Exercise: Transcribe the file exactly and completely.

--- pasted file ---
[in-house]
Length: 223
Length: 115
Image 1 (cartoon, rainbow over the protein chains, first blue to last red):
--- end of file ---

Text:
[in-house]
Length: 223
Length: 115
Image 1 (cartoon, rainbow over the protein chains, first blue to last red):